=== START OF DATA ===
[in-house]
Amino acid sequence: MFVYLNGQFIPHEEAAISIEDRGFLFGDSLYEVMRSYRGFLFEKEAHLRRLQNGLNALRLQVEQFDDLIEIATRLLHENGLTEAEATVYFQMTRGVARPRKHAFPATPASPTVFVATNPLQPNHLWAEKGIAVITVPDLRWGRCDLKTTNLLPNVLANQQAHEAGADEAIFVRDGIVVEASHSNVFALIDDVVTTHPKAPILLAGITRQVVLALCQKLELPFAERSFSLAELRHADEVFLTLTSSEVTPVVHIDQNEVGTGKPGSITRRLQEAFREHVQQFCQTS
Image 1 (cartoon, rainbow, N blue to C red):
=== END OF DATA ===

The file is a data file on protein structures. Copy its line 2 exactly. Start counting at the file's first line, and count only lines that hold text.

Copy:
Amino acid sequence: MFVYLNGQFIPHEEAAISIEDRGFLFGDSLYEVMRSYRGFLFEKEAHLRRLQNGLNALRLQVEQFDDLIEIATRLLHENGLTEAEATVYFQMTRGVARPRKHAFPATPASPTVFVATNPLQPNHLWAEKGIAVITVPDLRWGRCDLKTTNLLPNVLANQQAHEAGADEAIFVRDGIVVEASHSNVFALIDDVVTTHPKAPILLAGITRQVVLALCQKLELPFAERSFSLAELRHADEVFLTLTSSEVTPVVHIDQNEVGTGKPGSITRRLQEAFREHVQQFCQTS